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BUDGET 2021: Taking an ethical stand against abuse of ETI pays off

Last Updated Feb 2021

Johannesburg, 24 February 2021 – The Employment Tax Incentive (ETI) was introduced in 2014 and aimed at encouraging employers to employ younger people, between the ages of 18 and 29 years old, by offering an incentive in the form of a reduction in overall employees’ tax due on a monthly basis, provided certain requirements have been met, as set out in the ETI Act, 2013, writes Somaya Khaki, SAICA Project Director for Tax.

The incentive is available for the first two years in which the employer employs qualifying individuals with a monthly remuneration of less than R6500, subject to certain limitations.

Members of SAICA have, more than a year ago, reported various ETI Schemes being marketed to them or their clients, expressing concern as to whether these schemes were within the ambit of the law or at a minimum, abusive tax schemes. Their concern focussed on the fact that thousands of vulnerable youths who were supposed to be properly employed and paid a salary were in fact being exploited to enrich a few.

During the COVID-19 lockdown, it appeared from the sudden escalation in reports that the promoters of these schemes were using the distress of businesses in the current economic fallout to increase their gains. This resulted in an increase in reports from members who were concerned as to the morality of such schemes, the majority of which used training institutions to claim the ETI for students rather than employees.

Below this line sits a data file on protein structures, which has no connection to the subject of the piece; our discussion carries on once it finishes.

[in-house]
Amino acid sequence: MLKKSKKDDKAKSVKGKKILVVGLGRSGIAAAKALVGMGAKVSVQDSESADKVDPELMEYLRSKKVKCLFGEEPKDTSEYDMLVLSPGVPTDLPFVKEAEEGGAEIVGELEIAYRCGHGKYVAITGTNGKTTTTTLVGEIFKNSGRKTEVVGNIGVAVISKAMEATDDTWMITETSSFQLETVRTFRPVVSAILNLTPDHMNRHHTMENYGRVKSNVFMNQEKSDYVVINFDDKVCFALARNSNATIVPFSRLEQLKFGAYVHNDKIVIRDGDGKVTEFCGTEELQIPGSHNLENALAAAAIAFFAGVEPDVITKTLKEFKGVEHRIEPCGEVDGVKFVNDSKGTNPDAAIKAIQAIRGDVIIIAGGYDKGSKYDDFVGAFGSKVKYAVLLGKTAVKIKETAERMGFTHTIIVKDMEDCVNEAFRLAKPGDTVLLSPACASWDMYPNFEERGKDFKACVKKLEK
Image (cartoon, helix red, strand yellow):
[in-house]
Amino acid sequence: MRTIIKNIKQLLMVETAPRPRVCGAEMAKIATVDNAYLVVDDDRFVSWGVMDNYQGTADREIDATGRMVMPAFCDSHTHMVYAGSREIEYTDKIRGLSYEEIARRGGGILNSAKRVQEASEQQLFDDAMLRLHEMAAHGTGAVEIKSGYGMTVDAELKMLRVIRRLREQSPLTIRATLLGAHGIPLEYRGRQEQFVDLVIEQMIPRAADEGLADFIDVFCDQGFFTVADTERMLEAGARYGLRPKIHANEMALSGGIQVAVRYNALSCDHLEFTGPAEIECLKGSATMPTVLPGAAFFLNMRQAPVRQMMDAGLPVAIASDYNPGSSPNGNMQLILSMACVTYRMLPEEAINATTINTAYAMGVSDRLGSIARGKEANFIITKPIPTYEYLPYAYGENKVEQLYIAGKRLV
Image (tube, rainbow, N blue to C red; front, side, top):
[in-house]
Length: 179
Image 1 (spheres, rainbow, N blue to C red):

SAICA, together with various other Recognised Controlling Bodies, took up the matter in 2020 with various engagements with their members, employers, and stakeholders such as SARS.

We are pleased to note that in order to counter this abuse, it is proposed that, effective 1 March 2021, the definition of an “employee” be changed in the ETI Act to specify that work must be performed in terms of an employment contract that adheres to record-keeping provisions in accordance with the Basic Conditions of Employment Act, 1997.

We would like to thank those SAICA members who took an ethical stand in this regard, despite resistance from certain sectors. We hope that this change will ensure that the incentive is used to serve the correct purpose and benefit the vulnerable youth in our society.


The South African Institute of Chartered Accountants (SAICA), South Africa’s pre-eminent accountancy body, is widely recognised as one of the world’s leading accounting institutes. The Institute provides a wide range of support services to more than 50 000 members and associates who are chartered accountants (CAs[SA]), as well as associate general accountants (AGAs[SA]) and accounting technicians (ATs[SA]), who hold positions as CEOs, MDs, board directors, business owners, chief financial officers, auditors and leaders in every sphere of commerce and industry, and who play a significant role in the nation’s highly dynamic business sector and economic development.

Chartered Accountants are highly valued for their versatile skill set and creative lateral thinking, that's why all of the top 100 Global Brands employ Chartered Accountants.

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